CONCLUSION: Consideration of multiple exposures is important in accurately estimating specific effects and in evaluating realistic exposure scenarios.  FULL TEXT

Waddell et al., 2001

Waddell BL, Zahm SH, Baris D, Weisenburger DD, Holmes F, Burmeister LF, Cantor KP, Blair A., “Agricultural use of organophosphate pesticides and the risk of non-Hodgkin’s lymphoma among male farmers (United States).,” Cancer Causes Control, 2001, 12:6.


OBJECTIVE: Data from three population-based case-control studies conducted in Kansas, Nebraska, Iowa, and Minnesota were pooled to evaluate the relationship between the use of organophosphate pesticides and non-Hodgkin’s lymphoma (NHL) among white male farmers.

METHODS: The data set included 748 cases of non-Hodgkin’s lymphoma and 2236 population-based controls. Telephone or in-person interviews were utilized to obtain information on the use of pesticides. Odds ratios (OR) adjusted for age, state of residence, and respondent status, as well as other pesticide use where appropriate, were estimated by logistic regression.

RESULTS: Use of organophosphate pesticides was associated with a statistically significant 50% increased risk of NHL, but direct interviews showed a significantly lower risk (OR = 1.2) than proxy interviews (OR = 3.0). Among direct interviews the risk of small lymphocytic lymphoma increased with diazinon use (OR = 2.8), after adjustment for other pesticide exposures.

CONCLUSIONS: Although we found associations between the risk of NHL and several groupings and specific organophosphate pesticides, larger risks from proxy respondents complicate interpretation. Associations, however, between reported use of diazinon and NHL, particularly diffuse and small lymphocytic lymphoma, among subjects providing direct interviews are not easily discounted.

Cabello et al., 2001

Gertrudis Cabello, Mario Valenzuela, Arnaldo Vilaxa, Viviana Durán, Isolde Rudolph, Nicolas Hrepic, and Gloria Calaf, “A Rat Mammary Tumor Model Induced by the Organophosphorous Pesticides Parathion and Malathion, Possibly through Acetylcholinesterase Inhibition,” Environmental Health Perspectives, 2001, 109:5.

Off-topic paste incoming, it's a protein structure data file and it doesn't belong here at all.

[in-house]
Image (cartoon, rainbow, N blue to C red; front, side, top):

Environmental chemicals may be involved in the etiology of breast cancers. Many studies have addressed the association between cancer in humans and agricultural pesticide exposure. Organophosphorous pesticides have been used extensively to control mosquito plagues. Parathion and malathion are organophosphorous pesticides extensively used to control a wide range of sucking and chewing pests of field crops, fruits, and vegetables. They have many structural similarities with naturally occurring compounds, and their primary target of action in insects is the nervous system; they inhibit the release of the enzyme acetylcholinesterase at the synaptic junction. Eserine, parathion, and malathion are cholinesterase inhibitors responsible for the hydrolysis of body choline esters, including acetylcholine at cholinergic synapses. Atropine, a parasympatholytic alkaloid, is used as an antidote to acetylcholinesterase inhibitors. The aim of this study was to examine whether pesticides were able to induce malignant transformation of the rat mammary gland and to determine whether alterations induced by these substances increase the cholinergic activation influencing such transformation. These results showed that eserine, parathion, and malathion increased cell proliferation of terminal end buds of the 44-day-old mammary gland of rats, followed by formation of 8.6, 14.3, and 24.3% of mammary carcinomas, respectively, after about 28 months. At the same time, acetylcholinesterase activity decreased in the serum of these animals from 9.78 +/- 0.78 U/mL in the control animals to 3.05 +/- 0.06 U/mL; 2.57 +/- 0.15 U/mL; and 3.88 +/- 0.44 U/mL in the eserine-, parathion-, and malathion-treated groups, respectively. However, atropine alone induced a significant (p < 0.05) decrease in the acetylcholinesterase activity from the control value of 9.78 +/- 0.78 to 4.38 +/- 0.10 for atropine alone, to 1.32 +/- 0.06 for atropine in combination with eserine, and 2.39 +/- 0.29 for atropine with malathion, and there was no mammary tumor formation. These results indicate that organophosphorous pesticides induce changes in the epithelium of mammary gland influencing the process of carcinogenesis, and such alterations occur at the level of nervous system by increasing the cholinergic stimulation. FULL TEXT